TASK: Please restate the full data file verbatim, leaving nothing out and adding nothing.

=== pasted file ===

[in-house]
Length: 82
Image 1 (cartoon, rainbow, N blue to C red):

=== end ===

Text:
[in-house]
Length: 82
Image 1 (cartoon, rainbow, N blue to C red):